Last Wednesday (2/18), a top aide to Iranian President Mohammad Khatami told Iran's official news agency (IRNA) that that nation's ten year old policy of publicly executing drug smugglers has not and will not achieve its intent of stopping or even slowing the drug trade. Iran has executed more than 2,000 people for drug offenses, many of them publicly, over the past decade.
"Executing drug smugglers is not a suitable way to fight drugs and our 10-year experience shows that this has not been a solution" the aide said.
Iran's strict code mandated death to anyone caught in possession of 30 grams of heroin or 11 lbs. of opium.
Perhaps Iran's experience might be enough to deter US legislators from re-introducing the Drug Importer Death Penalty Act of 1997. The bill, which called for a mandatory death penalty for anyone convicted for a second trafficking offense, was sponsored by then-speaker Newt Gingrich and attracted a list of 37 co-sponsors, 36 Republicans and 1 Democrat. Though the Act does not specify weight limits, it would be violated whenever someone was caught importing an amount "equal to 100 doses" of any controlled substance. Such a calculation would impose death for a far smaller amount of heroin than did the failed Iranian law.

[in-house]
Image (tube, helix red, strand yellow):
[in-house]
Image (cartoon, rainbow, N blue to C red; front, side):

In fact, by that standard it would take the importation of only a small amount (likely well under 2 oz.) of marijuana to violate the act. First-time offenders under the Act would receive a mandatory sentence of life in prison. Calls placed to the offices of several of the original co-sponsors of the Importer Death Penalty Act by The Week Online were not returned. A Democratic staffer who declined to be identified told The Week Online that although there was no indication as to whether or not the bill would be re-introduced in this session, "It really wouldn't surprise me. Politicians introduce all kinds of crazy legislation, and, if they're willing to work at it, they can get a lot of it passed."